Situated atop a hill, shouldering with mountains overlooking the village, the Balamurugan Temple in Thandikudi is devoted to Lord Murugan and it is believed that only from here that Lord Muruga cross jumped to reach Palani, while he was anger with his parents over the contest between the siblings, to who own the Gnanapalam (wisdom fruit) by coming around the world. It is also believed that Lord Muruga stayed at this hill for some time, defeated the monster Idumban to convert him as his devotee before make Palani (one of the two hillocks which Idumban carried as Kavadi from Kailash) as one of his abode.
The Balamurugan Temple is said to be 2,000 years old, but the temple that exists today is built on the belief that Lord Muruga appeared in the dreams of Sri La Sri Pandrimalai Swamigal (a Siddhar or saint) and ordered him to build a temple for him on the Thandikudi hill, from where he cross jump to Palani. He is also believed to show the exact place – where the temple is built – by lighting some torch on the hill, and the people who went there were surprise to see a footprint (which is believed to be Lord Muruga’s) on the rock and image of peacock gripping a snake on the adjacent. Thus believed that Lord Muruga has went to Palani only from Thandikudi and the benefit of visiting Palani is said to be fulfilled only if they appear at Balamurugan Temple.
The road to the temple, that begins at the Regional Coffee Research Station passes through coffee and cardamom plantations. The temple situated at a height of 500 feet above the Thandikudi village, has pretty good road to reach by car or take a leisure walk. The slightly showered weather was refreshing while we drew on the newly tar road. It was also exciting to know that we passed a prehistoric site where megaliths were found, which we actually unaware until someone explained at the village. But later at home checking the photos, I find that we have shot some pictures on the site that lay beside the road, without knowing what it was.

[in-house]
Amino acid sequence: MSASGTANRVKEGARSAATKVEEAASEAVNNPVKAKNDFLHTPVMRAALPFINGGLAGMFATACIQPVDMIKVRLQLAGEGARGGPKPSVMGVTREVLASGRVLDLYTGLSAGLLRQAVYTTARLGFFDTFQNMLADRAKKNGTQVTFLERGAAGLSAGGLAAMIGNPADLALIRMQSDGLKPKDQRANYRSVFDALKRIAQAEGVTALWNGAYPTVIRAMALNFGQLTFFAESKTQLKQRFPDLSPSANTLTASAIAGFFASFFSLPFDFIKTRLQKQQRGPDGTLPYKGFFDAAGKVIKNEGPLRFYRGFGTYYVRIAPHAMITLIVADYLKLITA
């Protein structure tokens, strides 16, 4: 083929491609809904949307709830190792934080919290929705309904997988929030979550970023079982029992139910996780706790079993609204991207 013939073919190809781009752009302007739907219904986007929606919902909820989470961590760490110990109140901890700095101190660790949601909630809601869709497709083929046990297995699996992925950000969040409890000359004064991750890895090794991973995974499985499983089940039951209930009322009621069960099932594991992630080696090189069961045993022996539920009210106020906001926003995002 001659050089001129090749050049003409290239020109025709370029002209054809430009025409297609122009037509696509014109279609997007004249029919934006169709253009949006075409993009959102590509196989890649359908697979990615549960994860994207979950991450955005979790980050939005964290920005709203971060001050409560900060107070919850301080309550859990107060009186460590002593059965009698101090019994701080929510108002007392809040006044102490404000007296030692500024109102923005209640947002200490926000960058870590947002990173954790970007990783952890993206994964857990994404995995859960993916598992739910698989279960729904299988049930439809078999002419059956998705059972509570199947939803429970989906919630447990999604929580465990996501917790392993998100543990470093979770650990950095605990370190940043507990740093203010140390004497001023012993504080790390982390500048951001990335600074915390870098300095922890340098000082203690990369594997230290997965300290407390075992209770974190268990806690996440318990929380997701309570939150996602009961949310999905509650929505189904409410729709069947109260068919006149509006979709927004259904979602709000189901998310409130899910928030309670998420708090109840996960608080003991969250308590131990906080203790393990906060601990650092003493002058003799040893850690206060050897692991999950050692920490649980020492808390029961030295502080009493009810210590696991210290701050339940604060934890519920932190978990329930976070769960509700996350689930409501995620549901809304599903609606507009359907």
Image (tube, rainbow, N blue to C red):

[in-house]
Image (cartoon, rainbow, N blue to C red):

|Fabulous view from the temple|
The Balamurugan temple is also a wonderful panoramic viewpoint that overlooks the village of Thandikudi and surrounding mountains. The drizzling weather put me at hesitate, initially, whether to climb down or not the car to explore the place, but glad I did so and went around the pretty green and quite calm environment, despite the voices of boys playing cricket outside the temple premises. There’s a small Ganesha shrine in front of the temple and it is a four pillared hall with idol enclosed in gate. The prime temple is also a hall based structure which was extended by curved sheet roofing and a small temple tower adorn with colorful idols and Kalasam (bass pot).
The hilltop provides amazing photo opportunity to capture the village and cloud passing mounting from the side of temple, where the torch is believed to drag the attention of people to build the temple there. They have also built a room for the torch, which seems to light on special occasions and to give company to events, the temple has a gold coated chariot for procession. The rocks beside the temple said to have ever flowing natural spring, which revered as scared water. And sand found at a height of 75 feet from the temple is offered as Prasad to devotees. Just like Palani, devotees to Balamurugan temple also carry Kavadies during the festival of Panguni Uthiram.
Note on info:
Balamurugan Temple is situated at a height of 1500 meter in the Western Ghats of Palani Hills. Thandikudi is 40 km from Kodaikanal and Vathalagundu is 45 km and Palani about 92 km. The temple is open to public from morning to evening. ( click location below for Google map on the place)